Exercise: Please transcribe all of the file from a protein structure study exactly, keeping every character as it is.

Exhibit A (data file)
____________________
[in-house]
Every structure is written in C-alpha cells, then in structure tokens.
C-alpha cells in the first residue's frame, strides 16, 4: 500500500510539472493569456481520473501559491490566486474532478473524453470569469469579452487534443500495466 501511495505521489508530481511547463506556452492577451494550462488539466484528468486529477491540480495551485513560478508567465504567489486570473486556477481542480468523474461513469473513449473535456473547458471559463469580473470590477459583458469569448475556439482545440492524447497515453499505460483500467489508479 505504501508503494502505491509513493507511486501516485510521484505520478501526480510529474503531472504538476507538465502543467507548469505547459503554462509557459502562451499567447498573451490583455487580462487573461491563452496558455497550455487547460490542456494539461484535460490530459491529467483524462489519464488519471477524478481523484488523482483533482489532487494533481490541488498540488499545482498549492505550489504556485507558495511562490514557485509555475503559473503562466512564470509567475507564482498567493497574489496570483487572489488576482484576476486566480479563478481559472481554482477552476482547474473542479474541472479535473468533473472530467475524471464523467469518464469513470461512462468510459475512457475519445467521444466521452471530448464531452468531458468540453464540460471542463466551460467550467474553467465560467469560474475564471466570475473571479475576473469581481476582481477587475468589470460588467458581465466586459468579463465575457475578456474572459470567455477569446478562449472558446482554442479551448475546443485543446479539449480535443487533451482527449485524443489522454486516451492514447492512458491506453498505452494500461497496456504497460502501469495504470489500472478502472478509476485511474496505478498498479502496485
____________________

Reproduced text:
[in-house]
Every structure is written in C-alpha cells, then in structure tokens.
C-alpha cells in the first residue's frame, strides 16, 4: 500500500510539472493569456481520473501559491490566486474532478473524453470569469469579452487534443500495466 501511495505521489508530481511547463506556452492577451494550462488539466484528468486529477491540480495551485513560478508567465504567489486570473486556477481542480468523474461513469473513449473535456473547458471559463469580473470590477459583458469569448475556439482545440492524447497515453499505460483500467489508479 505504501508503494502505491509513493507511486501516485510521484505520478501526480510529474503531472504538476507538465502543467507548469505547459503554462509557459502562451499567447498573451490583455487580462487573461491563452496558455497550455487547460490542456494539461484535460490530459491529467483524462489519464488519471477524478481523484488523482483533482489532487494533481490541488498540488499545482498549492505550489504556485507558495511562490514557485509555475503559473503562466512564470509567475507564482498567493497574489496570483487572489488576482484576476486566480479563478481559472481554482477552476482547474473542479474541472479535473468533473472530467475524471464523467469518464469513470461512462468510459475512457475519445467521444466521452471530448464531452468531458468540453464540460471542463466551460467550467474553467465560467469560474475564471466570475473571479475576473469581481476582481477587475468589470460588467458581465466586459468579463465575457475578456474572459470567455477569446478562449472558446482554442479551448475546443485543446479539449480535443487533451482527449485524443489522454486516451492514447492512458491506453498505452494500461497496456504497460502501469495504470489500472478502472478509476485511474496505478498498479502496485